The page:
Friday, October 30, 2009

Loma Fire 2009/10/27

Santa Cruz County Sheriff Phil Wowak (far right) listens as a resident says he did not receive the evacuation warning from the county's reverse-911 system.

Tuesday was our last day at the Loma Fire. With activity slow on the fire itself, the most interesting event was the community information forum in the evening, where all the public agencies involved in the response discussed what happened with local citizens and listened to their concerns.

It was great to see this, because we're embarking on a new initiative called the Citizen Responder Project, which aims to empower citizens to better help each other in emergencies through use of information technology and social media (more on that in future posts). This fire may become our first case study.

The forum started with several presentations explaining things like how the fire progressed, which roads were closed and why, and how the evacuation warning was sent out using the county's reverse 911 system.

A CAL FIRE representative talks about the history of fires in the area. The Loma Fire is in red and the 2008 Summit Fire is in yellow. (It was neat to see this map, as I was in the GIS trailer when Joe Larson was preparing it.)

Then there was a wide ranging open discussion. Some residents were very expressive about not liking road closures that kept them away from their homes. Very calm professional responses from the presenters kept that thread from getting out of hand.

The part that interested me the most was a discussion of how citizens could stay informed. The people who listened to the radio complained about the quality of information. For example, one woman spent an extra hour driving home because she couldn't figure out which roads were closed. Most media reports were targeted at audiences outside the community and left out the details local residents care about most.

Other residents said that their local Facebook friends were the best source of information. Alex Leman's Loma Prieta Fire Twitter feed was also mentioned as a good way to keep up. Somebody asked how they could stay updated when they were away from home, and the advice was to call a neighbor who's always on the computer. Other communication methods were brought up, like a call center to answer questions or a physical bulletin board for official postings. It was interesting to see how different residents had different levels of comfort with official vs. informal channels, which seems to be related to computer literacy and level of social involvement in the community.

Loma Prieta Fire Chief and Community Emergency Response Team organizer Alex Leman (top left) tells citizens how they can get involved in response.

At the end of the evening I talked to a few of the presenters and got some business cards, so as soon as we figure out what questions to ask we should be able to follow up with them to get more impressions of their experience with this response. The forum was a great wrap-up to our involvement in this fire.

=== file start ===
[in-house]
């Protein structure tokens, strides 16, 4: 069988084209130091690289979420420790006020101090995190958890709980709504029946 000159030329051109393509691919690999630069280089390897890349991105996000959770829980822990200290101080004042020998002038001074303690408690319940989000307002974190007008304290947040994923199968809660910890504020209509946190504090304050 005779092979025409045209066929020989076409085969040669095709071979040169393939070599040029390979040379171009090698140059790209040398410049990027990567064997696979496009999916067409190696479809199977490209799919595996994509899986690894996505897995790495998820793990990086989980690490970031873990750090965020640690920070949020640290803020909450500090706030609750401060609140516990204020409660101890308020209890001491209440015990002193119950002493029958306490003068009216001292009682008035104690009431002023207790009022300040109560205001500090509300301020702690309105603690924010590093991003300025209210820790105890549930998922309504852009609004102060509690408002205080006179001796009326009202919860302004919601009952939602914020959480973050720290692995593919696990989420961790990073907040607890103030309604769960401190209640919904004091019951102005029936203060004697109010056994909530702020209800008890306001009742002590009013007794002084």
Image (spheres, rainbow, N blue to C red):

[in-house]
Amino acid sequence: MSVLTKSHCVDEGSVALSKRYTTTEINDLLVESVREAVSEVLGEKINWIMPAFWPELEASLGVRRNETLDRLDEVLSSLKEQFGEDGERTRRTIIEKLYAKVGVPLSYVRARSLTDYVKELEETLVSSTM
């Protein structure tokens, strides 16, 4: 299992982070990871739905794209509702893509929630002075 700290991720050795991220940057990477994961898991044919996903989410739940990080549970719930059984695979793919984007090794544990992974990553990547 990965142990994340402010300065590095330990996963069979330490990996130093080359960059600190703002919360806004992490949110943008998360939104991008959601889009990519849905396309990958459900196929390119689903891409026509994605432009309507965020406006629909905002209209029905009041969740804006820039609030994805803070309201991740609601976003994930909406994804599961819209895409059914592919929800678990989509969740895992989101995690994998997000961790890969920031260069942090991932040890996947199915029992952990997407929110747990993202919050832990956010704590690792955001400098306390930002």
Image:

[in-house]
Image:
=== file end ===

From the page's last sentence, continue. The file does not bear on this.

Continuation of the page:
Monday, October 26, 2009

Loma Fire 2009/10/26

Darren Stewart taking photos from the passenger seat of a helicopter.

Today's highlight was a visit to the San Martin Airport where they run helitack for the Loma Fire. One of the helicopters (an Aerospatiale SA-315B "Lama" type 3) took a GeoCam phone aboard on a recon flight, collecting more than 80 photos. The start of the fire is still under investigation -- many of the GeoCam photos were taken near the point of origin and will remain embargoed until the investigation is complete.

The fire was quiet today with light winds. The team was really trying to put it to bed before a cold front comes through tonight with much stronger northerly winds, predicted to gust locally up to 45 mph. If the wind manages to push the fire across the containment line and Highland Way to the south, the fire will be moving upslope again and things could get hairy.

Other things going on -- we met a whole bunch of folks on ICT 3 and had some good technical discussion with the GIS specialists about ways to improve our data export. Here's a bulk export of many of today's GeoCam photos (cleared for public release).

I'll leave you with some more of the nicer photos.

Loma Fire wide view from the southwest at about 3000'. Fingers of activity move slowly downslope on the south side, zero flame length.

San Martin airport from the air. The helicopters in the foreground are a Sikorsky S-64 "Skycrane" (Type 1) and possibly a Bell 407 (Type 3).

Field observer debrief in the GIS trailer. Observers Steve DeBenedet (left) and Rick Wonneberger (right) are debriefing with GIS specialist Jonathan Pangburn (center).

Sunday, October 25, 2009

GeoCam deploying to CA-CZU-Loma fire

Retardant drop at the Loma Fire Credit: dandawson on flickr